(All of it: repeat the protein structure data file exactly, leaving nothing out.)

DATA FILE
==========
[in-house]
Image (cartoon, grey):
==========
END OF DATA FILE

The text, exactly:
[in-house]
Image (cartoon, grey):